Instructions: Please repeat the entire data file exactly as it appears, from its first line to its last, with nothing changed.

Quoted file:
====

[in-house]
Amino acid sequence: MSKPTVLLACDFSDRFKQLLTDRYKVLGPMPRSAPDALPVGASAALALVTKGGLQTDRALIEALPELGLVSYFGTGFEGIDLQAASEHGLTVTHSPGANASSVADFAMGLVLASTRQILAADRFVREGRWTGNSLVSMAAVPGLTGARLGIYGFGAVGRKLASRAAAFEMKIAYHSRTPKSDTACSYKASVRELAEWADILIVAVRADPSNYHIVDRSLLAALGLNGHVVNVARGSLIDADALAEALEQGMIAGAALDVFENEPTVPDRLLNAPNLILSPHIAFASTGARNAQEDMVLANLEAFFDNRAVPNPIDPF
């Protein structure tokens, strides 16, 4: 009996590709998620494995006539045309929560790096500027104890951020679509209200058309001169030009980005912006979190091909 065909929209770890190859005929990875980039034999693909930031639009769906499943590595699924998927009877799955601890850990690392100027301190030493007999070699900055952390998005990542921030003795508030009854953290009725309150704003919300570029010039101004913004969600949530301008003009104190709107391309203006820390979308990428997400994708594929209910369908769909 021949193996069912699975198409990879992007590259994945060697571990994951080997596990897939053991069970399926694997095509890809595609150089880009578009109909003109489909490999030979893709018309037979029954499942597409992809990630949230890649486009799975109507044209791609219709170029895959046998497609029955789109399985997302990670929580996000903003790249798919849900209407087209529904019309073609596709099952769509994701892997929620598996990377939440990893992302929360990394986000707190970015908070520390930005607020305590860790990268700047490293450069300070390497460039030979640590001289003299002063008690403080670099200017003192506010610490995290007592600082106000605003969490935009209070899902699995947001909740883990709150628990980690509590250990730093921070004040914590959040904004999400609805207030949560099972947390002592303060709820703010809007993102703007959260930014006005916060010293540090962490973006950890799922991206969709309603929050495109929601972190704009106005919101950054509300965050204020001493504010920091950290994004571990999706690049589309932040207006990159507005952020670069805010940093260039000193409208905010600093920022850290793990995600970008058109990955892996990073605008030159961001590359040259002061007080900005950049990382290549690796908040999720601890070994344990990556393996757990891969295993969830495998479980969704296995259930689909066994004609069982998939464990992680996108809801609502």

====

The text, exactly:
[in-house]
Amino acid sequence: MSKPTVLLACDFSDRFKQLLTDRYKVLGPMPRSAPDALPVGASAALALVTKGGLQTDRALIEALPELGLVSYFGTGFEGIDLQAASEHGLTVTHSPGANASSVADFAMGLVLASTRQILAADRFVREGRWTGNSLVSMAAVPGLTGARLGIYGFGAVGRKLASRAAAFEMKIAYHSRTPKSDTACSYKASVRELAEWADILIVAVRADPSNYHIVDRSLLAALGLNGHVVNVARGSLIDADALAEALEQGMIAGAALDVFENEPTVPDRLLNAPNLILSPHIAFASTGARNAQEDMVLANLEAFFDNRAVPNPIDPF
């Protein structure tokens, strides 16, 4: 009996590709998620494995006539045309929560790096500027104890951020679509209200058309001169030009980005912006979190091909 065909929209770890190859005929990875980039034999693909930031639009769906499943590595699924998927009877799955601890850990690392100027301190030493007999070699900055952390998005990542921030003795508030009854953290009725309150704003919300570029010039101004913004969600949530301008003009104190709107391309203006820390979308990428997400994708594929209910369908769909 021949193996069912699975198409990879992007590259994945060697571990994951080997596990897939053991069970399926694997095509890809595609150089880009578009109909003109489909490999030979893709018309037979029954499942597409992809990630949230890649486009799975109507044209791609219709170029895959046998497609029955789109399985997302990670929580996000903003790249798919849900209407087209529904019309073609596709099952769509994701892997929620598996990377939440990893992302929360990394986000707190970015908070520390930005607020305590860790990268700047490293450069300070390497460039030979640590001289003299002063008690403080670099200017003192506010610490995290007592600082106000605003969490935009209070899902699995947001909740883990709150628990980690509590250990730093921070004040914590959040904004999400609805207030949560099972947390002592303060709820703010809007993102703007959260930014006005916060010293540090962490973006950890799922991206969709309603929050495109929601972190704009106005919101950054509300965050204020001493504010920091950290994004571990999706690049589309932040207006990159507005952020670069805010940093260039000193409208905010600093920022850290793990995600970008058109990955892996990073605008030159961001590359040259002061007080900005950049990382290549690796908040999720601890070994344990990556393996757990891969295993969830495998479980969704296995259930689909066994004609069982998939464990992680996108809801609502």